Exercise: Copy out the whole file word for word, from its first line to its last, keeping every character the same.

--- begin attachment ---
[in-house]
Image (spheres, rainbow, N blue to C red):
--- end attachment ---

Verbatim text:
[in-house]
Image (spheres, rainbow, N blue to C red):